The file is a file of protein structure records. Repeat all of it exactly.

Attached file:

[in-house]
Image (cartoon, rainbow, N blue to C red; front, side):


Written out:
[in-house]
Image (cartoon, rainbow, N blue to C red; front, side):